I always liked movies. But I never truly appreciated them as art until I had an English teacher in high school who presented both film as high art and then-current music as poetry. It was in his class that I first saw The Seventh Seal and Kurosawa’s Throne of Blood — his take on Shakespeare’s Scottish play. (And, heck, he even took us on a field trip to the City to see Kubrick’s 2001: A Space Odyssey.) So, thank you, Dr. John Snyder.

I’ll give you a few more recommendations later in this post, but in the meantime, drop whatever you’re doing and watch these two great classics from the 1950’s.

The Seventh Seal (1957). Directed by Ingmar Bergman with Max von Sydow, Gunnar Bjomstrand and Bengt Ekerot. The film won the Special Jury Prize at the 1957 Cannes Film Festival, and is considered one of the most influential films of all time.

A knight returning from the Crusades seeks answers about life, death and the existence of God as he plays chess against Death, a white-faced man wearing a dark cape, during the Black Plague.

According to the Guardian, “The chess game is a brilliant metaphor for man’s attempt to defy mortality’s gravity through his accomplishments, perhaps most vividly in the idea of artistic genius, the need to create a vital work which will survive the author’s death….The movie fiercely addresses itself to the agony of belief, the need to believe in a God who remains silent, mysterious, absent. It is a work of art that grabs the audience by the lapels, believers and unbelievers alike, and demands not answers, exactly, but an acknowledgement that this is the most important question, the only question: why does anything exist at all?”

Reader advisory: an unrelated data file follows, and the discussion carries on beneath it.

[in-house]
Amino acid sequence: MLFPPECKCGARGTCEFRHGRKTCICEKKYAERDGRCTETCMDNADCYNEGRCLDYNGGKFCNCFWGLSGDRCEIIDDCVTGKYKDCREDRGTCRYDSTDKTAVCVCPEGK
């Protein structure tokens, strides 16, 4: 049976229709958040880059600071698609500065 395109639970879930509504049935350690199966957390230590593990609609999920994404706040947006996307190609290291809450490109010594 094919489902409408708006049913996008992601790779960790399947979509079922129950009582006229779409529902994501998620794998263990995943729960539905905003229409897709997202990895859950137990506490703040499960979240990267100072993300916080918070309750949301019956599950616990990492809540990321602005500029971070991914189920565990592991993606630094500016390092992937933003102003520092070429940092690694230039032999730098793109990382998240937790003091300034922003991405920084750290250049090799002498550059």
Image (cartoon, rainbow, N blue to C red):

“My indifference has shut me out. I live in a world of ghosts, a prisoner of dreams. I want God to put out his hand, show his face, speak to me. I cry out to him in the dark but there is no one there.”

Seven Samurai (1954). Directed by Akira Kurosawa with Toshiro Mifune, Takashi Shimura and Keiko Tsushima. The film was named the greatest foreign-language film by the BBC film critics’ poll, and has a 100% rating on Rotten Tomatoes. Kurasawa has been credited as the creator or inspiration of various genres: the heroic team assembled to carry out a mission, the spaghetti Western, Star Wars.

A poor village under attack by bandits recruits seven unemployed samurai to help them defend themselves.

According to Roger Ebert, “[The movie] moves quickly because the storytelling is so clear, there are so many sharply defined characters, and the action scenes have a thrilling sweep. Nobody could photograph men in action better than Kurosawa.”

“This is the nature of war. By protecting others, you save yourself. If you only think of yourself, you’ll only destroy yourself.”

Timely words.

The Seventh Seal and Seven Samurai can both be viewed can be viewed on Amazon, the Criterion Channel, Kanopy and YouTube.

Let’s round out our Seven films with five more flicks:

  • Seven Days in May (1964). Directed by John Frankenheimer with Burt Lancaster, Kirk Douglas, Fredrick March and Ava Gardner. United States military leaders plot to overthrow the President because he supports a nuclear disarmament treaty and they fear a Soviet sneak attack. Overshadowed by Kubrick’s Dr. Strangelove, released a few weeks before.
  • The Magnificent Seven (1960). Directed by John Sturges with Yul Brenner, Steve McQueen, Charles Bronson and Eli Wallach. Seven gunfighters are hired by Mexican peasants to liberate their village from oppressive bandits. The Seven Samurai go west.